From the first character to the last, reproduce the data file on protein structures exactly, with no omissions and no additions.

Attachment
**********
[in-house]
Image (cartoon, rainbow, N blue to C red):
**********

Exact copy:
[in-house]
Image (cartoon, rainbow, N blue to C red):